Cabinet-makers and builders often rely on medium density fiberboard, or MDF, as an inexpensive alternative to plywood for shelves, cabinets and even exterior siding. Like plywood, it comes in 4-by-8-foot sheets and has a smooth face that readily accepts paint and other finishes, but it is denser and heavier. Because it is not solid wood, MDF chips more easily than plywood, so you should cut it with a high-speed saw and a fine-tooth blade. When cutting circles, a simple trick will preserve the edges and give you the best results.
Cut circles smaller than three inches with a hole saw. Fit an appropriately-sized saw into a drill and set the drill at the highest speed. Mark the centre of the hole on the surface of the MDF and set the pilot bit in the hole saw on the mark.
Hold the drill steady as you depress the trigger and keep it steady as the bit bores through and the saw makes contact. Let the saw cut its way halfway through the board without forcing it. Go to the other side of the board, place the pilot bit in the hole and finish the cut from that side.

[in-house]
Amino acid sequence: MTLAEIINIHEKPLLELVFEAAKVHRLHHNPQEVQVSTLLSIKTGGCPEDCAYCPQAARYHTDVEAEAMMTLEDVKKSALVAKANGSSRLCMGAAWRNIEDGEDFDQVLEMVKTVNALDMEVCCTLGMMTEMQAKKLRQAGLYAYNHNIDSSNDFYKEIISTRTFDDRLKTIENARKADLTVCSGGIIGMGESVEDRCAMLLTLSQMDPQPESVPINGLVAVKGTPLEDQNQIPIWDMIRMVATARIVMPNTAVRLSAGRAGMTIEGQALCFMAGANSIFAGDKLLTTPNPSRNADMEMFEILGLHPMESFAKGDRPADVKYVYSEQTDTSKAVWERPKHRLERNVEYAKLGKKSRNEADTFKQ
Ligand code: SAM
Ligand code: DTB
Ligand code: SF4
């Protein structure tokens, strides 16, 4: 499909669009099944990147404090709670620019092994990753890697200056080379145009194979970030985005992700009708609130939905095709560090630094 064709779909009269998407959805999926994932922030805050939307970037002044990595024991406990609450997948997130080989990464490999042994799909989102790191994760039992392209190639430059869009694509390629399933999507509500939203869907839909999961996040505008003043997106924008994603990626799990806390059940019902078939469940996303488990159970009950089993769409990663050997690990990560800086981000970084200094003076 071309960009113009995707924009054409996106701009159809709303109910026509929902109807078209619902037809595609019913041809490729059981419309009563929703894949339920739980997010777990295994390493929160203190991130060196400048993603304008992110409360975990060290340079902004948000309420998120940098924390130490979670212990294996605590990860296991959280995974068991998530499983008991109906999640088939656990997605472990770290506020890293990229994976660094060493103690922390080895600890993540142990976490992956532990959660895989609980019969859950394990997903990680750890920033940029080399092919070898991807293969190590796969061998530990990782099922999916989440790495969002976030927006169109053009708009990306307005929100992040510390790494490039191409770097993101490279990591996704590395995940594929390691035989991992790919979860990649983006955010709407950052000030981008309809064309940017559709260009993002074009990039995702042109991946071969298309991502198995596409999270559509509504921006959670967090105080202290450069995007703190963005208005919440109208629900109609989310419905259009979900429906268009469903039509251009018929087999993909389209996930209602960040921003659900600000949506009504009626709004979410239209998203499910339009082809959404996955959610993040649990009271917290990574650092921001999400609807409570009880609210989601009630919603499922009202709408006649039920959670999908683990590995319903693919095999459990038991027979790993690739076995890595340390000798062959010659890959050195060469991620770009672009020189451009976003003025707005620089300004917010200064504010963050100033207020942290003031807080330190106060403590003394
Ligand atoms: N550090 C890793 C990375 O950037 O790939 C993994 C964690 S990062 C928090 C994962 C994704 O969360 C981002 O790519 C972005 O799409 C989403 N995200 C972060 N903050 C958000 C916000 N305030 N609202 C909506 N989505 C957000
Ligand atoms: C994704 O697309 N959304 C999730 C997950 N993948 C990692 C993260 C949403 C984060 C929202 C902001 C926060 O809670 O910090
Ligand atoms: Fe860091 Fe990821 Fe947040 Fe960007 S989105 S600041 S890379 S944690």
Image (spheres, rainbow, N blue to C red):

Draw the outline for a circle larger than three inches in diameter on the surface of the board with a compass and a pencil. Drill a 1/2-inch hole through the material so that one edge of the hole touches the pencil mark.
Fit a high-speed jigsaw with a metal-cutting blade, place the blade through the hole and set the base of the saw on the surface. Depress the trigger to start the saw and cut around the outline, keeping the base in contact with the MDF at all times. Keep your eye on the front of the blade to make sure it stays on the line. You may have to stop periodically and brush or blow away sawdust.
Lay a solid layer of masking tape on both sides of the board that completely covers the area of the circle as an extra precaution against chipping. If the circle is very large, lay the tape around the perimeter. Draw the outline on the tape and cut directly through it. When you are finished cutting, pull off the remaining tape.
You can also cut circles of any size in MDF with a bandsaw or a plunge router. Construct a jig and proceed with care when using a router. It's harder to handle than a saw and you can easily lose control.
If you saw completely through MDF from one direction with a hole saw, the saw will chip out the surface on the other side.